4 Grammars and Syntactic Processing

If one wants to build systems that communicate with people in human language or that analyze people’s beliefs and behavior it is useful to perform a syntactic analysis of the text into either phrase or dependency structures first. The correct structures are specified using a grammar. Identifying the structure involves a variety of steps, that can be performed independently, in a sequence (which is known as a pipeline architecture) or can be learned as part of a complete language model trained using Deep Learning.  Both NLP pipelines and Deep Learning models input unstructured text, as a file or stream of characters, and output either a single best analysis or a ranked set of alternatives. In between, they may include steps that assign part of speech tags to individual words, that group words into segments and provide labels to sequences of tagged segments.

Figure 4.1 shows  a modern natural  language processing pipeline. This pipeline is the one implemented in the NLP software library spaCy.

Figure 4.1 NLP pipeline implemented in spaCy (figure adapted from https://course.spacy.io/chapter3)

The steps associated with syntactic processing include tokenizing documents  into individual sentences and words (1), followed by labelling words with syntactic categories (2), and identifying the syntactic structure that spans sequences of words, which is called parsing (3). These steps might be followed by a shallow analysis of meaning, such as named entity recognition (4), sentiment (not shown), or by a deeper analysis of semantic relations (not shown), which we will discuss in later chapters.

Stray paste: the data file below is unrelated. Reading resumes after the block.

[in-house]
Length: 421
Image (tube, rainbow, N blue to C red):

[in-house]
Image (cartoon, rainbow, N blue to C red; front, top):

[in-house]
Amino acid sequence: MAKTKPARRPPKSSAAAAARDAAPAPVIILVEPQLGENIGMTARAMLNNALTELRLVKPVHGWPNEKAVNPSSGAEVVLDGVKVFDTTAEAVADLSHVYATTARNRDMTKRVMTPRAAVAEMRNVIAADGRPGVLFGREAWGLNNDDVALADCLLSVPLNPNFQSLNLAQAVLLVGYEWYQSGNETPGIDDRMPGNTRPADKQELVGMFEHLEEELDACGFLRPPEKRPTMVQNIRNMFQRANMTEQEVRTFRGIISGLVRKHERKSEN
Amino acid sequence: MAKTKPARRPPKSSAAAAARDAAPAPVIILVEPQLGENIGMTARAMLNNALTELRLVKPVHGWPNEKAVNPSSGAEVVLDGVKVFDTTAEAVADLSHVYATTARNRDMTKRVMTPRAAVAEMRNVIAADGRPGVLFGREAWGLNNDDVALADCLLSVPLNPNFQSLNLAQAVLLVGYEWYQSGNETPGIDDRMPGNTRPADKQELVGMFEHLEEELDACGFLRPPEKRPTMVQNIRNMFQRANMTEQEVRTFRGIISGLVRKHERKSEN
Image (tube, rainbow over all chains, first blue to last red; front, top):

The pipeline processes of Figure 4.1 may be implemented as either search or classification (the processing paradigms we discussed in Chapter 2). Search-based parsing requires a computer-readable lexicon and grammar. The lexicon specifies the vocabulary, while the grammar describes constraints on the linear order of words and the sequences that correspond to well-formed constituents (phrases and clauses). Grammars and lexicons can be provided in a formal language, to be processed by a separate interpreter, or provided as functions in a programming language, that can be executed directly. Classification-based approaches require datasets annotated with the target structure that can be used for training. Widely used datasets for English include the Penn Treebank and OntoNotes for phrase-based annotations and the English Web Treebank (en-EWT)[1] for dependencies. These datasets have been used to create pretrained functions in software libraries such as NLTK,  spaCy, Stanza, and UDPipe.